Health department lifts GVSU stay-home order but issues new restrictions on student gatherings

OTTAWA COUNTY, MI – New coronavirus cases have dropped significantly at Grand Valley State University since the start of its 14-day, stay-at-home order but health officials say not enough to fully ease up on restrictions when the order ends at midnight.

The Ottawa County Department of Public Health announced Thursday, Oct. 1 restrictions on student gatherings in a new two-week “Staying Safe” order.

The mandate, which will go into effect Friday, Oct. 2 until Friday, Oct. 16, places the following restrictions on student gatherings, which include parties, group gatherings, study sessions or group walking:

  • Up to four guests may visit student living units and residences, while observing strict preventive measures, including social distancing and wearing face coverings.
  • Students may not gather in groups greater than four people in all indoor common areas on the Allendale campus, with the exception of classes or university-organized academic activities.
  • All outdoor, non-university gatherings cannot exceed 10 people and everyone should wear face coverings unless eating or drinking.
  • Face coverings continue to be required indoors and outdoors. Students who are alone outside may choose not to wear a face covering, but should be prepared to immediately use it when encountering another person.

The mandate will begin after midnight on Thursday, when the current stay-home order expires. The health department issued the emergency “Staying in Place” order Sept. 16 in response to escalating coronavirus cases tied to the university.

RELATED: Emergency stay-home order issued for Grand Valley State University students

Since the start of the stay-home order, the number of new positive cases have dropped significantly. The university’s 7-day daily average is currently about 10 new cases per day, compared to about 34 new cases per day on Sept. 16.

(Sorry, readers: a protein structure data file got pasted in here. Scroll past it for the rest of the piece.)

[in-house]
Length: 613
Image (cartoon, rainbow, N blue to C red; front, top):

GVSU saw its peak of 46 new cases per day on Sept. 6, according to university data.

The order was issued specifically for Grand Valley students living in Allendale, which has seen cases surge since students returned for the fall semester.

Allendale Township, which makes up 8.5% of the Ottawa County population, made up 75% of the county’s positive cases one week after GVSU classes started on Aug. 27.

Allendale cases showed significant decline after the stay-home order was implemented, now making up 27% of the county’s cases, health officials say.

“It is gratifying to see that the partnership with the county and the university community is resulting in a dramatic decline in new cases,” GVSU President Philomena V. Mantella said in a prepared statement.

Despite the overa;l drop in cases, COVID-19 has continued to spread among Grand Valley students, health officials said Thursday.

“Most cases continue to be among (GVSU students living in on-campus and off-campus housing) and appear to be driven by congregate living and congregate gathering without preventive precautions,” the news release said.

There are currently 63 “active” cases – or cases reported in the last 10 days – in off-campus students in Ottawa County, according to the university’s data dashboard.

Grand Valley has 122 currently active cases out of a total of 946 university-related cases reported since Aug. 1.

There are 27 active cases for on-campus students, 30 cases for off-campus students who live outside Ottawa County, one faculty case and one staff case, data shows.

Health officials have also seen improvements in contact tracing efforts among students, according to the news release. When the stay-home order was first issued, the health department said GVSU students were underreporting close contacts or refusing to disclose contacts.

Since then, students have reported more close contacts to health officials, from an average of 1.6 close contacts reported per case during the week of Sept. 12 to a current average of 2.9 contacts per case.

By comparison, Ottawa County residents with COVID-19 report an average of 4.9 contacts per case.


In addition to washing hands regularly and not touching your face, officials recommend practicing social distancing, assuming anyone may be carrying the virus.

Health officials say you should be staying at least 6 feet away from others and working from home, if possible.

Use disinfecting wipes or disinfecting spray cleaners on frequently-touched surfaces in your home (door handles, faucets, countertops) and carry hand sanitizer with you when you go into places like stores.

Michigan Gov. Gretchen Whitmer has also issued executive orders requiring people to wear face coverings over their mouth and nosewhile in public indoor and crowded outdoor spaces. See an explanation of what that means here.

Additional information is available at and

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